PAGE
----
• Ultimately, it is the anchor's responsibility to implement security around this workflow. The anchor is forming the redirect url as well as producing the page that is redirected to. I think this SEP can suggest a way for anchors to deal with the security of sending the JWT (it was helpful to me), but probably not mandate a certain approach. I can think of many ways of dealing with the issue of the JWT appearing in browser history including using a 302 redirect on the regular sep10 JWT as suggested, producing a special one-time use (or very short-lived) JWT for this redirect (so that it is harmless if it gets recorded in history) as well as having the redirected page simply replace the browser history. Perhaps there is an anchor who doesn't even need a JWT at all in the redirect (I believe there are anchors that don't use SEP10 at all currently).

Instead of mandating that the wallet pass the JWT in the redirect, I think it is better to suggest to anchors a proper way of going about security but ultimately, leaving the implementation up to the anchor.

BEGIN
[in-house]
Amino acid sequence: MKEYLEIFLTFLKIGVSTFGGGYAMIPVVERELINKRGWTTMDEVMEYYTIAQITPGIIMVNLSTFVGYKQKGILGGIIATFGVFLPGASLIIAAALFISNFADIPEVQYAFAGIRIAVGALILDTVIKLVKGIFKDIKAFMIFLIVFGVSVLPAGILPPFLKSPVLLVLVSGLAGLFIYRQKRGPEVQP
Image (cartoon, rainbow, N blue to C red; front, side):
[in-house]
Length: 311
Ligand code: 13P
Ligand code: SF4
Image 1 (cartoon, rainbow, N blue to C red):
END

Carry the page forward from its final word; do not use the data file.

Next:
@andywer

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@andywer andywer commented Nov 15, 2019

Great point!
Wrap-up: Passing the JWT as a query parameter smells like bad practice as the URL (incl. query params) is generally considered public data, whereas you want to keep the JWT secret.

I am just not sure if leaving it completely to the anchor to come up with a solution is a good idea... Most anchors are small start-ups right now and not all of them might be so deep into the topic to realize these security concerns. Let this be judged by @msfeldstein 😉